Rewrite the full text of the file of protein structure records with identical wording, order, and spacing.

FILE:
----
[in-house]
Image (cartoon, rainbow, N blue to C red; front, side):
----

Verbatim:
[in-house]
Image (cartoon, rainbow, N blue to C red; front, side):